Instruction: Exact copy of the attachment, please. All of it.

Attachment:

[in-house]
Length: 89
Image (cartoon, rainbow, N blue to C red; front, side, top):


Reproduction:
[in-house]
Length: 89
Image (cartoon, rainbow, N blue to C red; front, side, top):